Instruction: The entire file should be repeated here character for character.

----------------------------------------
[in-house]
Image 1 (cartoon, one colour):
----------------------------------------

[in-house]
Image 1 (cartoon, one colour):